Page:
Allan Rock is a member of the World Refugee and Migration Council, and a former minister of justice and attorney-general of Canada. Warda Shazadi Meighen is an immigration and refugee law partner at Landings LLP in Toronto and an adjunct professor of refugee law at the University of Toronto Faculty of Law.
For many Afghans, the past 18 months have been agonizing. On Aug. 15, 2021, Afghanistan’s capital was captured by the Taliban, following the withdrawal of U.S. troops. Harrowing images of desperate individuals clinging to airplanes remain vivid in our collective memories. Though the media spotlight has moved on, many of those who tried to flee remain trapped under the rule of a brutal and barbarous regime.
The Taliban has proven profoundly unfit to run a national government. It has banned women’s participation in schools and the work force, driven its population to the brink of starvation and refused to engage in good faith with the international community. As a result, the Afghan people face the very real risk of a humanitarian catastrophe with about two-thirds of the country’s population expected to need humanitarian assistance in 2023. An estimated four million pregnant and lactating women and children are at risk of acute malnutrition this year.
Despite this dire picture, many Canadian non-governmental organizations have been unable to provide humanitarian assistance in Afghanistan without running the risk of criminal prosecution here at home. The difficulty arises because the Taliban is listed by our government as a terrorist organization. Section 83.03(b) of the Criminal Code makes it a criminal offence to directly or indirectly provide assistance to such a group. Understandably, Canadian organizations do not want to risk facing criminal prosecution. As a result, their humanitarian work in Afghanistan has ground to a halt.
Furthermore, the ban is absolute since Canada is one of the few donor countries which has not provided for reasonable exceptions to address urgent needs. For their parts, the United Nations Security Council, United States, the United Kingdom, EU and Australia long ago concluded that there must be reasonable and narrow exemptions from their anti-terrorism financing laws.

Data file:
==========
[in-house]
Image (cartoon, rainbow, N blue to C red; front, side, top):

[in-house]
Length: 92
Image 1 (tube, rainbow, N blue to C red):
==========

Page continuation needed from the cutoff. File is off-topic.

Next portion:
Here in Canada, the interparty Special Committee on Afghanistan heard from many who implored the government to enact a legislative carve-out for humanitarian assistance in the current absolute ban.
As a stopgap, Canadian organizations have been filtering assistance through international organizations, such as UNICEF and the World Food Program (WFP). But that makeshift arrangement does not provide a long-term solution.
In short, the blanket prohibition in our Criminal Code against providing humanitarian assistance in countries such as Afghanistan where terrorist groups form the government has long needed to be modified. Last week, the government acted to address this need by tabling in Parliament Bill C-41. If enacted, the legislation would amend the Criminal Code to permit the Minister of Public Safety to authorize eligible persons and entities to engage in certain humanitarian activities, such as providing aid for food, shelter and immigration services, including resettlement and safe passage. The provision would apply not just in Afghanistan but also in any country where a listed terrorist group is in charge.
These changes are essential. According to the WFP, millions of Afghans including “young children, families and communities … stand at the precipice of inhumane hunger and destitution.” More than a year ago, the WFP reported that nine million Afghans were a “step away from famine,” while UNICEF estimated that one million children were “at risk of perishing this year from acute malnutrition.”
The proposed amendments strike a careful balance between allowing Canadians to engage in legitimate humanitarian action on the one hand, and prohibiting activities that may indirectly benefit the Taliban on the other. Given the need for caution, the amendments include important safeguards: Those seeking to provide assistance will require authorization by the Minister of Public Safety, upon referral either by Global Affairs Canada or Immigration, Refugee Citizenship Canada. And before granting such an authorization, the Minister of Public Safety must undertake a security review, an assessment of alternative means available to a grantee, and a cost-benefit analysis of the grant. Any such authorization can be revoked at any point and would be subject to periodic review and judicial oversight.
While some details will no doubt be refined after closer examination by committee, Bill C-41 is an important step in the right direction, adjusting Canada’s approach in such cases so that it finally matches what our key allies are doing. An amendment to the Criminal Code allowing for such humanitarian exceptions is long overdue. Canada can join its allies and allow aid to be responsibly provided without compromising our security interests. The challenge now will be to adopt the amendments as quickly as possible, so that desperate Afghans can rapidly get the aid and immigration assistance they so urgently need.